Governor Villeroy went on to detail the "two great transformations" of the next 20 years: the digital and the ecological. Again, Villeroy posed that Europe lags behind the US and China in the former (digital) revolution, spending less on R&D overall and with fewer researchers. However, this is potentially being turned around with the ECB's trial of the e-euro, a new digitised currency. In the latter (ecological) transformation, however, Europe is ahead of its international competitors. Villeroy detailed how the ECB intends to spearhead efforts in the climate crisis - though it is a crisis that cannot be solved by central banks alone, and "the sooner we start the transition, the better (...) to ensure long-term sustainable growth and price stability". He also detailed the potential risk of "green-flation," though recent evidence from Germany indicates the risk of this inflation is limited.


Concluding with words about "esperance" - hope and mathematical expectation - Villeroy asserted that "daring decisions made by visionary men and women in the past decades" should be reason enough for our continued hope for the future.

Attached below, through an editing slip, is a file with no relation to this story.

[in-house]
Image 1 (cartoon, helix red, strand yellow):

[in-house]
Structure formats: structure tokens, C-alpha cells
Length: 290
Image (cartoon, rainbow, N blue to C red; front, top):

KEY QUOTES:


  • “Even well-known nationalist politicians, including in my own country (...) have dropped or backed off their anti-euro stances, because they have concluded that this policy would be an electoral dead end”


  • “Our monetary and economic union needs to be completed. (...) On one side, we need a public float (...) we should construct according to a fiscal facility that could be activated in moments of crisis or recession. (...) On the other side, as you can see, we need a private float to foster a better capital allocation, which is just as important. The banking union and capital markets union, though somewhat boring and technical, should be absolute political priorities.”


  • “Climate change is accelerating obviously, and yes policies to fight climate change should imperatively include an appropriate carbon price, even if it’s not very popular. Rest assured that central banks will do their part”